The American Physical Therapy Association (APTA) is launching a public education campaign, #ChoosePT, to raise awareness among patients and prescribers about physical therapy as a safe alternative to opioid drugs for pain management. The campaign also hope to remind patients of their tight to decide method of pain treatment.
Prescription opioid medicines like codeine, oxycodone, hydrocodone, methodone, and others mask the sensation of pain by interrupting pain signals to the brain, but do nothing to treat conditions that cause pain.
Consequently, while opioids have a legitimate and important place as effective treatments for moderate to severe short-term pain such as pain associated with acute injury, and in cancer treatment, palliative care, and end-of-life care, they have serious shortcomings when used to address long-term or chronic pain, such as that experienced by people with fibromyalgia. Opioid side-effects well-known and documented, may include depression, addiction, and constipation, as well as major withdrawal symptoms when a patient who has become habituated stops taking the drug.
Death from overdose is a legitimate, well documented danger.
More than 165,000 people in the United States have died from opioid pain medication-related overdoses since 1999, and each day more than 1,000 people are treated in hospital emergency rooms for misusing prescription opioids, according to the Centers for Disease Control and Prevention (CDC).
The CDC reports that prescriptions for opioids have nearly quadrupled since 1999, with an estimated 20 percent of patients who go to doctor’s offices seeking pain medication without having cancer-related pain symptoms or other pain-related illness or injuries.
A 2012 study revealed that health care providers that year wrote 259 million opioid pain medication prescriptions – enough for every adult in the United States to have their own bottle. Opioid prescriptions per capita increased 7.3 percent from 2007 to 2012, particularly in family practice, general practice, and internal medicine compared with other medical specialties.
Recognizing that the degree of opioid overuse in the U. S. has had reached a level of concern that designated it as a public health problem, the CDC in March released a new set of guidelines urging prescribers to rely less on opioids and opt for non-drug alternatives for treating pain whenever possible.
Chronic pain tends to be variably defined, but within the CDC guideline, it is pain that typically lasts more than three months or past the time it takes for normal tissue healing. Chronic pain can result from underlying medical diseases or conditions, injury, medical treatment, inflammation, or an unknown cause. From 1999-2001, according to the National Health and Nutrition Examination Survey, 14.6% of adults experience current widespread or localized pain lasting at least three months. Data from the 2012 National Health Interview Study showed 11.2% of adults (25.3 million) report living with daily pain.
CDC guidelines maintain that clinicians should consider a full range of therapeutic options for treating chronic pain. One such recommended alternative is physical therapy. Physical therapists treat pain through movement and patients get to play an active role in their recovery.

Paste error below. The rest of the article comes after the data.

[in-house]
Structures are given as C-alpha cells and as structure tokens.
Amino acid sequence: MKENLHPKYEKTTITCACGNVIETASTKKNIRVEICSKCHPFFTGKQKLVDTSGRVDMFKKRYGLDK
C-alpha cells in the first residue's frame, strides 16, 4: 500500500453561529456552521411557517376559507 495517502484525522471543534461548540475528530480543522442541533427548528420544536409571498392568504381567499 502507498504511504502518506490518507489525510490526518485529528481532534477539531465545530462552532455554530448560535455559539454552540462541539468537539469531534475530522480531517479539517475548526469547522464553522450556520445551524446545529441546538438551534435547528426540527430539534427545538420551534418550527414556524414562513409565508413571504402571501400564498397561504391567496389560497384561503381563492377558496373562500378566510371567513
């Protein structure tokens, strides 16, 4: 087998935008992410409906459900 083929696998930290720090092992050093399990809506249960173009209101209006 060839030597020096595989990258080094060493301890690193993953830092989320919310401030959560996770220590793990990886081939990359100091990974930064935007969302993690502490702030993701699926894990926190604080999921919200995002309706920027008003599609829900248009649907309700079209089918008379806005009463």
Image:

Photo courtesy of the American Physical Therapy Association
Physical therapists can also play a role in patient education, including setting realistic expectations for recovery, with or without opioid medication.
APTA suggests that even in cases where evidence supporting long-term benefits of non-opioid therapies is limited, risks are much lower with non-opioid treatment plans. All experts agree that opiods should be avoided as first line pain medication, but when the drug is prescribed, so should physical therapy.
Physical therapists treat patients of all ages and physical abilities, and in cases of chronic pain or function problems related to low-back pain, hip or knee osteoarthritis or fibromyalgia — conditions that affect millions of Americans.
“Opioids come with numerous serious side effects and only mask the sensation of pain,” observes a physical therapist, clinical researcher and #ChoosePT campaign spokesperson Joseph Brence who treats a wide range of pain related conditions, including complex regional pain syndrome, fibromyalgia, and chronic fatigue syndrome. “Research shows that physical therapist treatment can reduce or eliminate the need for opioids by improving physical function, increasing range of motion, and decreasing pain.”
The national #ChoosePTcampaign will focus special attention on key states identified by the CDC as having the highest numbers of drug overdose deaths.
According to 2014 reports, West Virginia, New Mexico, New Hampshire, Kentucky, Ohio, and Rhode Island reported the most deaths from overdose. In a 2012 report, the highest number of opioid prescriptions were found in Tennessee, Alabama, West Virginia, Oklahoma, Kentucky, and Mississippi.
APTA also is working with lawmakers in Washington, DC in its efforts to address the opioid crisis.
People interested in supporting the campaign on social media or learn more can use the #ChoosePT hashtag and follow @MoveForwardPT on Facebook, Twitter, and Pinterest.
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